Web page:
Say Goodbye to Your Underpants

Photo courtesy of iStock

Photo courtesy of iStock

As sometimes happens when you play fast and loose with laundry, I recently found myself in the ineluctable position of needing to take my dog for a walk but having no clean underwear. I debated either fishing them from the dryer and making do with soggy drawers or trying to rectify the situation by blowing one pair dry with a hair dryer — which is how you achieve lush, voluminous underwear. In the end, I vetoed both those ideas as far too uncomfortable and time-consuming. Instead, I did what I think any hero in my position would do: pulled on jeans and headed for the door.

What I discovered, which is the same discovery I made the last time this happened, is that I felt free, unencumbered and as if could have walked endlessly for miles without tiring. Is underwear fatigue a thing? Is that what I’ve experienced every other underwear-wearing day of my life? Because what I thought felt normal no longer feels normal, and I long to be free of these society-mandated undershackles. I have experienced freedom and bliss in the nether regions and don’t want to go back.

I know what you’re thinking — you’re thinking that perhaps my underwear doesn’t fit right and that’s why I am so much more comfortable without it. I can’t say whether you’re right or wrong (you’re wrong) but does anything fit quite so well as nothing? Extensive scientific research — and by that I mean my own experience of going without underwear one and a half times – has led me to think perhaps the human body was not meant to wear a smaller pair of pants under our pants.

Would you wear a glove under a glove? A hat under a hat? A sock under a sock? Whither our undergloves, underhats and undersocks? Now an argument could be made that a sock is actually an undershoe, but look at the sandal. Or the pump. Or any of Don Johnson‘s shoes in the ’80s. There are plenty of sockless shoes and far too few underpantsless pants.

As I say this, I can feel your judgment. Ladies are meant to wear underwear, you are thinking. And what’s more, you would probably say, I’m lucky to live in a time when underwear is slight and negligible as opposed to the days of yore when underwear was the size of a tablecloth and required those same people who brush your teeth with a stick to help you into and out of it.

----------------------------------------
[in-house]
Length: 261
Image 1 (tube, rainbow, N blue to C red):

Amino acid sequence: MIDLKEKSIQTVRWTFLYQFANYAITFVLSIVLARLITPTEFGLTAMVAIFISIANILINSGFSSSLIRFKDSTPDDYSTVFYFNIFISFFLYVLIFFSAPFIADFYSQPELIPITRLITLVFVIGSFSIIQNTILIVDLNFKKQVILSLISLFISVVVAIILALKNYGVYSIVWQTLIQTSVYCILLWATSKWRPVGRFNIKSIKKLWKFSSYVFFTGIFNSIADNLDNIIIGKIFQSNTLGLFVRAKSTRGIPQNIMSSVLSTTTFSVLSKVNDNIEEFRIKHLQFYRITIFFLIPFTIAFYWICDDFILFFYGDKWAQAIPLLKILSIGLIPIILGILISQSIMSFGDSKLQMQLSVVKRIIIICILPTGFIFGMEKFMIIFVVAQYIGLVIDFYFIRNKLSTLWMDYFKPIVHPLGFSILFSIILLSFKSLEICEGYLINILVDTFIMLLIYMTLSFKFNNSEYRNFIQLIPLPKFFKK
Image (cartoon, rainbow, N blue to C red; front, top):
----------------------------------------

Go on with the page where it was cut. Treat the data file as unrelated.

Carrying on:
I’m not sure about the brushing your teeth with a stick thing but I saw it in a wonderful documentary called “Shakespeare in Love,” so I’m pretty sure it’s true.

But back in the days of hoop skirts, crinoline, bloomers and stick-based dental hygiene, ladies didn’t really do anything other than fan themselves and occasionally fall onto fainting couches. Also they sat for portraits and giggled. Again, I’m no historian but I’ve seen the paintings. Ridiculously uncomfortable undergarments are fine when your entire to do list involves reclining. Today’s modern woman has a busy schedule of walking the dog, doing laundry, checking Twitter, fishing dog toys out from under the couch, arguing with her fiance about potential baby names (I’m not pregnant yet, but I am getting a head start on this one as apparently it’s going to take a lot of ironing out), ironing, driving, working, heating things up in the microwave and having the same conversation repeatedly about the opening credits of “Homeland“:

Him: Does Louis Armstrong have something to do with terrorism? What’s he doing in here?

Me: I think it’s that Carrie likes jazz.

Which is to say there’s a lot of movement and bending over and leaning and reaching. And movement is when underwear likes to strike. “Now! Go now! Climb up her butt; there’s no time to waste!” the underwear ringleader says.

This is why I encourage you to try going without underwear for just an hour and see if it isn’t both life-changing and life-affirming.

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Chuck Briese, Oak Ridge Now

[avatar user="cbriese" size="thumbnail" align="left"] Chuck Briese has been a resident of South Montgomery County since 1988. He and his lovely and patient wife, Leslie, have six sons, with only one left to finish high school. Chuck has been a Cub Scout leader, a Little League baseball coach, a church youth leader, and a general troublemaker over the course of the past 25 years. He is obsessed with his lawn, and likes restaurants that serve food that fills up the plate. He has a tendency to tilt at windmills, which may explain why he started Oak Ridge Now.

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